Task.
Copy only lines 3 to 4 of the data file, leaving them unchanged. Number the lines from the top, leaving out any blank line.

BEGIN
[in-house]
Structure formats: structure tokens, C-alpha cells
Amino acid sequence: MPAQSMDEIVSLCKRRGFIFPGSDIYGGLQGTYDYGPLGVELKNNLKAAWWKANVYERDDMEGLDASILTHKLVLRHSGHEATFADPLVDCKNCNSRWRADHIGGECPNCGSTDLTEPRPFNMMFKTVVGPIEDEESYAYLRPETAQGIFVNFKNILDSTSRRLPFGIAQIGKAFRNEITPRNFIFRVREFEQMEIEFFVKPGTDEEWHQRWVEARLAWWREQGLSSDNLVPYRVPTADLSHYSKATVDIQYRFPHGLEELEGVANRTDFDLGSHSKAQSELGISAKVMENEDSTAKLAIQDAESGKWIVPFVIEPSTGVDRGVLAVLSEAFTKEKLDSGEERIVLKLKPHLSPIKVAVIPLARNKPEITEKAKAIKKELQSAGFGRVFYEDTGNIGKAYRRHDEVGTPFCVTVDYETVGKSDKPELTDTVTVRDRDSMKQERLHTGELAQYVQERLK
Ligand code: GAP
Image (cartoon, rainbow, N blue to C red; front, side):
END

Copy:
Amino acid sequence: MPAQSMDEIVSLCKRRGFIFPGSDIYGGLQGTYDYGPLGVELKNNLKAAWWKANVYERDDMEGLDASILTHKLVLRHSGHEATFADPLVDCKNCNSRWRADHIGGECPNCGSTDLTEPRPFNMMFKTVVGPIEDEESYAYLRPETAQGIFVNFKNILDSTSRRLPFGIAQIGKAFRNEITPRNFIFRVREFEQMEIEFFVKPGTDEEWHQRWVEARLAWWREQGLSSDNLVPYRVPTADLSHYSKATVDIQYRFPHGLEELEGVANRTDFDLGSHSKAQSELGISAKVMENEDSTAKLAIQDAESGKWIVPFVIEPSTGVDRGVLAVLSEAFTKEKLDSGEERIVLKLKPHLSPIKVAVIPLARNKPEITEKAKAIKKELQSAGFGRVFYEDTGNIGKAYRRHDEVGTPFCVTVDYETVGKSDKPELTDTVTVRDRDSMKQERLHTGELAQYVQERLK
Ligand code: GAP